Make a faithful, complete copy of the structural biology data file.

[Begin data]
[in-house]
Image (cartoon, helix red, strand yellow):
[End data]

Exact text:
[in-house]
Image (cartoon, helix red, strand yellow):